- disbelif in Catholic doctrine
- and so many more.
How can we tell the world to change if we won’t?
How can we preach good news, when we show the world bad lives?
Let us resolve to live radical lives that reflect grace, peace, goodness, and love.
Let us fight evil in our own hearts, so we can properly help others.
Let us cleanse our own houses, so we can serve the world as we ought to.
God is not silent or powerless in these times. But he won’t force you to believe, hope, or love.
So, Catholics, let us start with asking ourselves these tough questions about our logs, so we can better help the world (and other Catholics who need conversion) come to follow Jesus:
- Is your heart more concerned with how you feel rather than the things you know are true and good?
- Do you allow your emotions, desires, or passion to rule your decisions instead of discerning what God wants for your life and then following his will, wherever it leads?
- Do you spend money on eating out, coffee, entertainment, or luxuries & then don’t have enough to tithe?
- Are your politics informing your religion more than your religion is informing your politics?
- Do you spend so much time on social media, Netflix, and/or games that you then don’t have time to pray or build relationships?
- Do you spend your energy in pursuit of worldly success, money, or power & then don’t have anything left for family, friends, service, community, and evangelization?
- Do you seek out ways to be liked or do you seek to love others, without concern as to what you get?
- Do you find that pride keeps you from seeking out help from others or do you allow yourself to sit at the feet of another (or others) to learn and grow from them?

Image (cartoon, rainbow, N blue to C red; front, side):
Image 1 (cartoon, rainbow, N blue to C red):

- Do you love the praise of humans & then find the praise of God is not enough?
- Do you shy away from accountability from peers, because you are scared that it might mean you need to change or do you make time to pray & grow with others?
- Do you speak badly of others & yet rarely about God?
- Do you regularly seek opportunities to sin & few to repent?
- Do you regularly share your faith with those who do not believe?
- Do you look at porn or lust in your heart & complain about the world’s view of sexuality?
- Do you concern yourself with building up a reputation and being accepted by others & then avoid sharing your faith, so as to avoid possible divisions?
- Do you find your comfort is more important than the salvation of others?
You aren’t made to settle, be in despair, or be just “normal”. You are made to be great and holy. The only way to do this is to let God act in you & through you. One aspect of holiness is mission. We don’t wait to be perfect to evangelize. But, we do need to cast the logs from our eyes, before we help others see their own splinters.
Still, how do evangelize the world in the midst of such issues? We do it with faith in God, not humans. We do it realizing that the only way we can help others is by abandoning ourselves to a God that wants nothing more than to save a corrupt world. God wastes nothing. Nothing!
He is the one who can draw good out of evil, because he alone is perfect, all-powerful, and truly good. We evangelize by being instruments of God. By being faithful. By doing what he asks, even when it is hard.
God can even use the weak sinner to transform the heart of another weak sinner. He is that powerful. Praise be God for working through we who sin.
God’s plan is to use his disciples (you and I) to change the world…and there is no backup plan.